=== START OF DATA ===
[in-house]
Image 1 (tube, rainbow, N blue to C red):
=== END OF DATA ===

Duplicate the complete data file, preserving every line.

[in-house]
Image 1 (tube, rainbow, N blue to C red):